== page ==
sun 09/08/2020

Match of the Day at 50, BBC One | reviews, news & interviews

Match of the Day at 50, BBC One

Match of the Day at 50, BBC One

Giddy self-regard only lets up briefly in a circus of expensively-tanned backs being slapped

Growing old disgracefully

For most of us, reaching the age of 50 prompts a mature recognition of faded aspirations, balanced by some degree of respect, influence, and tender familial consolation. Most observers would say Match of the Day fits that pattern quite closely. Its more youthful, dynamic days are remembered with great respect, though it’s politely acknowledged to be wearier and wrinklier than before, its fiftieth birthday is an occasion for dignity and circumspection.

So it was a surprise to find this celebration of Match of the Day’s 50 years combining the giddy nausea of a toddlers’ bouncy castle party with the emotional self-importance of a teenage promenade. From the first seconds of portentous voice over, linking Match of the Day’s arrival in a bizarrely grandiose fashion with the launch of satellite communications, self-awareness and proportion were cast aside, and rampant narcissism was the order of the day.

The BBC chequebook has been opened like Roman Abramovich’s for the programme’s appearance fees. The most expensive sporting and showbiz talent on the planet was gathered to pat itself on the back, as David Beckham, Thierry Henry, Russell Brand and José Mourinho opined solemnly on the unmissable qualities of the show, over unlikely footage of a grassroots match (amateur participation has been falling for years) playing in the background. The ordinary fan got precious little look-in, though he (and it is usually he) may not have minded that, given the amount of time he would have spent on set in the company of Piers Morgan and Lord Sugar, who were busy acting out their drearily contrived Twitter spat. The parade of self-congratulation at times became positively orgiastic.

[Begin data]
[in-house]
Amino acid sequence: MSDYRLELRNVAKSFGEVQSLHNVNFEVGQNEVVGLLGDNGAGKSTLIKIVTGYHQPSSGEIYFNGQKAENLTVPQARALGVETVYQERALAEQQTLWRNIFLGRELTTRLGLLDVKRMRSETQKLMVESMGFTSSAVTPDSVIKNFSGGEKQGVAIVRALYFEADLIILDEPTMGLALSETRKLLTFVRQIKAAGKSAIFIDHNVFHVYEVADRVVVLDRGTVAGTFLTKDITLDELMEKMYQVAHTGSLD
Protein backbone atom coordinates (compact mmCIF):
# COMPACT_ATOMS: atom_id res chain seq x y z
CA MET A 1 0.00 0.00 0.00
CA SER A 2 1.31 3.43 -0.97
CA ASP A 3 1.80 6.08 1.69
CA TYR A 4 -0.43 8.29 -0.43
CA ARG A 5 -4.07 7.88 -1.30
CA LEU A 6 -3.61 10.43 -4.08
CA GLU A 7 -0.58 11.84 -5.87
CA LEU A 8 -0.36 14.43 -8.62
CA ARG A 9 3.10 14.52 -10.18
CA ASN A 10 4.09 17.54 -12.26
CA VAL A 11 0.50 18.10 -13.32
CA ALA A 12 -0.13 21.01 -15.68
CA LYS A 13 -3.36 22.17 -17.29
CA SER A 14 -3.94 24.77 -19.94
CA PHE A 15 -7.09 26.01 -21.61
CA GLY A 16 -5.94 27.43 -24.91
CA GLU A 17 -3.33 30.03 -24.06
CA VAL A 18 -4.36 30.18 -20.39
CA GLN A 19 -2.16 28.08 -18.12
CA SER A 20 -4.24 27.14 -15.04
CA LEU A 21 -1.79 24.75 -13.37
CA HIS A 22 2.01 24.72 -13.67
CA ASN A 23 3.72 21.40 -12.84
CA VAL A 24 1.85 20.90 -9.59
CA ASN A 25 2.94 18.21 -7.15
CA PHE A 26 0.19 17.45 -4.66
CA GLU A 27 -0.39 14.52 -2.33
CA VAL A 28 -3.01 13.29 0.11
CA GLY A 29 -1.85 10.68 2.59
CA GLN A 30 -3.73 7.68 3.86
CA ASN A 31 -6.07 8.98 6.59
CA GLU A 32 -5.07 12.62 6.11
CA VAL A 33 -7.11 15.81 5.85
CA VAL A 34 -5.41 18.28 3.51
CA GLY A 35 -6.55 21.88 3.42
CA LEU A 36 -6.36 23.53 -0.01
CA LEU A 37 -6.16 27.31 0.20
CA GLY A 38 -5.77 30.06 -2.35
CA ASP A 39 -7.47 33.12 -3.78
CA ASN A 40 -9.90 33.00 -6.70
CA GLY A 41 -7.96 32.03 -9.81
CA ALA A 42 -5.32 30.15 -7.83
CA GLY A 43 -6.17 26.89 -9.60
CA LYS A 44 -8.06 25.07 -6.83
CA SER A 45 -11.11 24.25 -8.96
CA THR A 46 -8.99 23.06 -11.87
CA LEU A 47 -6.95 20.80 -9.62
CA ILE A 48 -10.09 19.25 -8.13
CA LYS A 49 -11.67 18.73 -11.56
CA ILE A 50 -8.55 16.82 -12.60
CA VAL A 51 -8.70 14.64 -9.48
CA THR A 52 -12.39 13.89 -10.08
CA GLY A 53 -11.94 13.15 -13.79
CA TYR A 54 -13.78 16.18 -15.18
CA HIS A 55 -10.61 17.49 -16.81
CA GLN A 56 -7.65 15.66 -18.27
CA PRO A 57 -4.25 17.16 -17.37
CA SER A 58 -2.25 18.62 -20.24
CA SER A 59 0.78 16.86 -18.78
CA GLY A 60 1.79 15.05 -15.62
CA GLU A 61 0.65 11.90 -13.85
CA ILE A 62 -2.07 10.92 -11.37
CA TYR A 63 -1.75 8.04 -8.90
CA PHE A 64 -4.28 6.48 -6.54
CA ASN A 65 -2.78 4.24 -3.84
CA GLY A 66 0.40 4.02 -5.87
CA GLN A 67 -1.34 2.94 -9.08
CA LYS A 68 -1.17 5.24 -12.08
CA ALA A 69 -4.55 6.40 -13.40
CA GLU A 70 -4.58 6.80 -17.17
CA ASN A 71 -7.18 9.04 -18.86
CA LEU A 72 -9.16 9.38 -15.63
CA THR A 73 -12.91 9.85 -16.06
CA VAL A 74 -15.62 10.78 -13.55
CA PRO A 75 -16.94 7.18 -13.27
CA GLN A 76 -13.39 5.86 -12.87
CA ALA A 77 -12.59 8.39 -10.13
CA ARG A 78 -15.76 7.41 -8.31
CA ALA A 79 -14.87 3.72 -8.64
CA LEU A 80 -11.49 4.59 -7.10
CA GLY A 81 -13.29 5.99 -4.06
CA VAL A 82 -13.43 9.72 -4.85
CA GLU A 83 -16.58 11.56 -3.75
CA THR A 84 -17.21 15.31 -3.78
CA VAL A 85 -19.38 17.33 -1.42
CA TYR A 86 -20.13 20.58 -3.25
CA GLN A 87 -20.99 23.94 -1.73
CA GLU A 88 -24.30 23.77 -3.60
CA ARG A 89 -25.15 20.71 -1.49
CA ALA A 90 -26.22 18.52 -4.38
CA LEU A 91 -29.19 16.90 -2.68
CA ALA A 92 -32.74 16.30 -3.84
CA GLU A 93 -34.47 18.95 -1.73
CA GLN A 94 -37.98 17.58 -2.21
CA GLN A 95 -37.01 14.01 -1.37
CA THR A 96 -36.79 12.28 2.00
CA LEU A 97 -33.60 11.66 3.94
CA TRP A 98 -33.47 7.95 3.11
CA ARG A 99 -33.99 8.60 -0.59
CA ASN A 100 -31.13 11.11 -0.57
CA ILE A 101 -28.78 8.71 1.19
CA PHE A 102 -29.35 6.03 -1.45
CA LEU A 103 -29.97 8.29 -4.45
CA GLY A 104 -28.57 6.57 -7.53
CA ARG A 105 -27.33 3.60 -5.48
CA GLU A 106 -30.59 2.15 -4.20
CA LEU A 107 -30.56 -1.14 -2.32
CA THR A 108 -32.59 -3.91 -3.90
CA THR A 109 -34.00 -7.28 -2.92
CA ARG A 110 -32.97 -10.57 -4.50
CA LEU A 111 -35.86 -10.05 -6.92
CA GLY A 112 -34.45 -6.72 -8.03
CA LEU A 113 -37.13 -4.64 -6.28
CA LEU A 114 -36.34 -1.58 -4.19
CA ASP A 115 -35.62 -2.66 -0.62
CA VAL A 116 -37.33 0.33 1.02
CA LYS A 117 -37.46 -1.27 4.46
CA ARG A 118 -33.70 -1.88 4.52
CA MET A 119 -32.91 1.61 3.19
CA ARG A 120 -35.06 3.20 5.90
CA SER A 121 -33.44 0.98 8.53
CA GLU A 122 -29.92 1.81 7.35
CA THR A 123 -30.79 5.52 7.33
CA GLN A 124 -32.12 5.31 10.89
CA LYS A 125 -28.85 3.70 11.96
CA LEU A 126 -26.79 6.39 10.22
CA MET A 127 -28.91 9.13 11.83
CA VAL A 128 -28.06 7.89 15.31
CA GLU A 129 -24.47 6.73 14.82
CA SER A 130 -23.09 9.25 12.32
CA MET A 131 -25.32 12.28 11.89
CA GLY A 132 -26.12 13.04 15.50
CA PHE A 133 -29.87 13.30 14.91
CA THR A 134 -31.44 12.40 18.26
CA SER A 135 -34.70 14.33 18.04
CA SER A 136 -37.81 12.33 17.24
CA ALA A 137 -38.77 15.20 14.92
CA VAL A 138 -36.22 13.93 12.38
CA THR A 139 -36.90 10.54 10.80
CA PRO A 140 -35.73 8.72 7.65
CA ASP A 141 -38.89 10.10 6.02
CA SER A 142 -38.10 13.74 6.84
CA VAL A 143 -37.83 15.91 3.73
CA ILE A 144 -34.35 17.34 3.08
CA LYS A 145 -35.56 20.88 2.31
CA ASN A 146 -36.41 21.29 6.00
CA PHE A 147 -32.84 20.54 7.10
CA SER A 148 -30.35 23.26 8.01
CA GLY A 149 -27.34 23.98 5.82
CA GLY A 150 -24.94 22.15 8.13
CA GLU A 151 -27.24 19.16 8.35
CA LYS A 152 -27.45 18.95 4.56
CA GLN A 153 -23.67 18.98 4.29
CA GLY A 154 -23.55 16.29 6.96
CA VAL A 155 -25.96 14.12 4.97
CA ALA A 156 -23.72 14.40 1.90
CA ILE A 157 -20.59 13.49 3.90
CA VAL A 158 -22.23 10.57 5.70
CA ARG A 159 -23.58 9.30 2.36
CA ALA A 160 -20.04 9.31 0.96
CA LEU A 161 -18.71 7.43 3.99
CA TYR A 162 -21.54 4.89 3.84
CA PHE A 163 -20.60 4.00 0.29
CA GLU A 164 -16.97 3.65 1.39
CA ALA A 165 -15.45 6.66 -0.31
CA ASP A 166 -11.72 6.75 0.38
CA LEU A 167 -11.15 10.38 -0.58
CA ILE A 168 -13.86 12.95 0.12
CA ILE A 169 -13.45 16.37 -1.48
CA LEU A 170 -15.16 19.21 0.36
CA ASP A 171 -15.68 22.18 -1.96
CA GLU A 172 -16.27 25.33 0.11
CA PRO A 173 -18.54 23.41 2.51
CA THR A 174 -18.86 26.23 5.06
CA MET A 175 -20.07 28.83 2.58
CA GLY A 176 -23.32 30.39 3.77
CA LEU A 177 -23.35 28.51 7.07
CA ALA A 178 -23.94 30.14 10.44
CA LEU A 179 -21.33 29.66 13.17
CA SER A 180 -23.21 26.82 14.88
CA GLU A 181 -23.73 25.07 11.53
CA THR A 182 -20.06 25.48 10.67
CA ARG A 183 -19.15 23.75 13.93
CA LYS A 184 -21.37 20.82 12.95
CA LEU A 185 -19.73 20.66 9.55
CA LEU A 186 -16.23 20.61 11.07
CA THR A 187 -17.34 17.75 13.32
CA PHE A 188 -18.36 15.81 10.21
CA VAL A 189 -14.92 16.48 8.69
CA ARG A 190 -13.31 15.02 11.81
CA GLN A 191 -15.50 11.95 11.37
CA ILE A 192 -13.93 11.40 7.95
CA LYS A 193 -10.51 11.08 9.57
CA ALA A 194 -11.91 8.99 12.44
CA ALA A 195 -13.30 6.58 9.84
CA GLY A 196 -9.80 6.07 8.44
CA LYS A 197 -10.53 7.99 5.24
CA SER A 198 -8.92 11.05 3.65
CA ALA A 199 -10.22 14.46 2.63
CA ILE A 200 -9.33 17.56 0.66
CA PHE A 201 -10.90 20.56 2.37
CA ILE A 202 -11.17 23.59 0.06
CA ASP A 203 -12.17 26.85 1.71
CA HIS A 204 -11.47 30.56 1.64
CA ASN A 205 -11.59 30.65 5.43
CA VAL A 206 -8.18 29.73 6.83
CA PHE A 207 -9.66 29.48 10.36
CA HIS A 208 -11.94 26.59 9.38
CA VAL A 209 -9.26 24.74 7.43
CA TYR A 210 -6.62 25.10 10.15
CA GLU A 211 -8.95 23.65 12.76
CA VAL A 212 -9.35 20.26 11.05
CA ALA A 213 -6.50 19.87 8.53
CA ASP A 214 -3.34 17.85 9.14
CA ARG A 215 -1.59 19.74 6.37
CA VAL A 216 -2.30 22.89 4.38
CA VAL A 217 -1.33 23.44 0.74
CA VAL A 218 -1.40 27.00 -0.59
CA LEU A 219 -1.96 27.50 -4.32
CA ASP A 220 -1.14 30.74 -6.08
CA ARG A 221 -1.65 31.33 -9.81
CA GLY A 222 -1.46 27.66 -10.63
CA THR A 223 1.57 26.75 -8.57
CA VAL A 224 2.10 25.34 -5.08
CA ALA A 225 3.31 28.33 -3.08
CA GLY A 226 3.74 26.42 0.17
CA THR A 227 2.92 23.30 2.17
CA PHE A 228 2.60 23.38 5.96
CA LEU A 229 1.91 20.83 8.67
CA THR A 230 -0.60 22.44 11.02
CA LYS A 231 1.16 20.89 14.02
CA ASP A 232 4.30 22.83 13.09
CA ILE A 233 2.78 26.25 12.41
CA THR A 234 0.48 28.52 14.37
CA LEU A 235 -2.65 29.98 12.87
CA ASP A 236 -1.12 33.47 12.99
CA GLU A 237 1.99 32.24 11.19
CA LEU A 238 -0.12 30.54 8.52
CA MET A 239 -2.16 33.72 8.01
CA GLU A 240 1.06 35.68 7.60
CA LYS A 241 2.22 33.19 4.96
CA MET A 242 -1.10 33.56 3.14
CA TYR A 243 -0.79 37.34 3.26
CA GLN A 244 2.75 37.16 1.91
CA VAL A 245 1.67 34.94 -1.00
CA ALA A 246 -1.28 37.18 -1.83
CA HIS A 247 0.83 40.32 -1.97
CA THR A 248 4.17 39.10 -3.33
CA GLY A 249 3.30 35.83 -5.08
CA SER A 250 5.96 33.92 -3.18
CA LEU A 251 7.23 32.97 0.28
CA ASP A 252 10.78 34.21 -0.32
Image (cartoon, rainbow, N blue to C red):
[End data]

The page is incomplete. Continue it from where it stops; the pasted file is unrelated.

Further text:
Online fan forums contain as many technical debates about pass completions and tactical structure as crude intimations of the referee’s tendency to self-abuse

It wasn’t all bad. The early years were evoked engagingly, if rather briefly, and the role television played in making footballers celebrities noted without the slightest hint of irony by Beckham, Lineker, etc. Hillsborough was remembered respectfully. There was an endearing three minutes with Ghanaian wonder-striker Tony Yeboah. It is still the most-watched football programme on TV, attracting over five million viewers.

There was, however, no awareness of how the programme is being outflanked not just by the super-rich satellite broadcasters, offering hours of lavish live coverage, but also, in a different way, by niche, statistics-driven outfits broadcasting sophisticated technical analysis of the game on social media and smartphone apps. Online fan forums contain as many technical debates about pass completions and tactical structure as crude intimations of the referee’s tendency to self-abuse. Both of these areas of the game are growing; all Match of the Day can offer in return is pub banter and Harry Redknapp’s nostalgia about his nine-inch black-and-white telly.

But why bother your head with that while the show is still on the road, the pundits’ golfing jaunts are paid for, and there are tanned, muscular backs to be slapped? If it makes 60 in anything like its current form I will eat my keyboard.  

The parade of self-congratulation became positively orgiastic

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